With the sun shining and Hurricane Harvey moved out of Houston, some firms have reopened Houston offices for lawyers and staff who can drive there safely. But with flooded-out Texans continuing to pour into shelters, some Houston lawyers are fitting their legal work into days filled with volunteer tasks such as setting up cots at large shelters in Houston or helping neighbors salvage belongings from flooded houses.
“You are sitting at home, watching TV, saying I have to do something,” said Kelly Rose, a partner in Baker Botts in Houston, whose home in the River Oaks neighborhood in Houston was not affected by flood waters from the nation’s most extreme rain event ever.
On Monday, even as Hurricane Harvey continued to pelt the Houston area with rain, Kelly said she donated a load of items to a big American Red Cross shelter at the George R. Brown Convention Center in downtown Houston. That night, she had her husband drive her back and she worked an overnight volunteer shift at the GRB helping to distribute clothes, shoes, diapers and formula to Harvey victims.
“We ran out of blankets. We ran out of cots. We ran out of towels,” Rose said, adding that the people who had sought shelter were very understanding.
Rose also worked Wednesday night at a shelter using her typing skills to do intake and planned to go back Thursday night for another overnight shift. The corporate securities lawyer was in the office Thursday, catching up on some work but admits that like many Houstonians, she has been focused in recent days on helping people thrown out of their homes due to flooding.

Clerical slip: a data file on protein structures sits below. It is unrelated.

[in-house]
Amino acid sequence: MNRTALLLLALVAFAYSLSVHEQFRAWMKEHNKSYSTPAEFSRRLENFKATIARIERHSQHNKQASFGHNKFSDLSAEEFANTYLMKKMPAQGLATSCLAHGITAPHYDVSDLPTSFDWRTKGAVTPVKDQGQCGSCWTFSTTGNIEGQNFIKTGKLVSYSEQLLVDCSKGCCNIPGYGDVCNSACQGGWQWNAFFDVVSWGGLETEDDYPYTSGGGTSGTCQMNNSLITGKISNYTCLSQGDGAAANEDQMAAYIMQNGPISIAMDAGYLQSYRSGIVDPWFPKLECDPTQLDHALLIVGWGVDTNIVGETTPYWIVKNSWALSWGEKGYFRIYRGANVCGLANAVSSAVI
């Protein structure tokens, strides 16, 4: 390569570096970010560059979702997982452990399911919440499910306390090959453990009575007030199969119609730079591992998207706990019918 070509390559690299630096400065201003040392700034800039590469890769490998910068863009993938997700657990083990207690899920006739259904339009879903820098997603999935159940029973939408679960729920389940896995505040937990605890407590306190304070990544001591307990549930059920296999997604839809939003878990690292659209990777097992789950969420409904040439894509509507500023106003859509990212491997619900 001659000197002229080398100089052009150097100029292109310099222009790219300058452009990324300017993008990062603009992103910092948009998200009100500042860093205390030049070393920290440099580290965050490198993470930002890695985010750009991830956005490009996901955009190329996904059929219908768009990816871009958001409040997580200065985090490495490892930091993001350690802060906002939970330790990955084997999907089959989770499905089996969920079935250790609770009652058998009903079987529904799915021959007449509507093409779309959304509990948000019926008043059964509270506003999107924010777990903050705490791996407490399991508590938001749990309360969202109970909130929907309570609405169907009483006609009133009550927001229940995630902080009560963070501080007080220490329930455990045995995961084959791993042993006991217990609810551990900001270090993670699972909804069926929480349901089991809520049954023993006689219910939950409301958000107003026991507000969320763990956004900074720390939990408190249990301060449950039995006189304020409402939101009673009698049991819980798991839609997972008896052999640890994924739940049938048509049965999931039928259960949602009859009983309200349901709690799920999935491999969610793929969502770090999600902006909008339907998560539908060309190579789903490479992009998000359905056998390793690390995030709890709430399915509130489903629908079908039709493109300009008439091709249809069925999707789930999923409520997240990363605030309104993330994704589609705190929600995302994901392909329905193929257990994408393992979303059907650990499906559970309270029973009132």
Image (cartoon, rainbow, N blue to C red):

Kate Cornelius, an associate with McGuireWoods in Houston, who has volunteered at shelters at the GRB and at the NRG Center, said the volunteer spirit from Houstonians is incredible.
Cornelius said she and her sisters-in-law worked late night shifts at the GRB on Tuesday, where they picked up trash outside the building, set up cots and answered questions from Harvey victims. Thursday morning, she worked a 7 a.m. to noon shift at the BakerRipley shelter at the NRG Center, where she moved tables, chairs and kitchen items as the volunteers prepared for an influx of storm victims set to arrive later today.
Her husband, Trey Cornelius, an attorney who works as a tax manager at Deloitte Tax in Houston, has been helping neighbors and friends move items in flooded houses. Kate Cornelius said their house located near Rice University stayed dry, and she was doing client work at home when not volunteering.
Michael Bernick, an associate with Reed Smith in Houston, said he spent several hours Tuesday evening setting up cots in the GRB, and on Wednesday, volunteered as an escort at the medical booth.
Bernick said his West University house stayed dry, although flooded roads kept him home for a while. He said he worked from home over the weekend and until early Tuesday, and planned to work from home again Wednesday night and today.
Both Kelly and Cornelius said they would volunteer at the legal clinics that will soon be in operation to assist Harvey victims with legal issues and paperwork for filing claims with insurance, the Federal Emergency Management Agency and the Small Business Administration.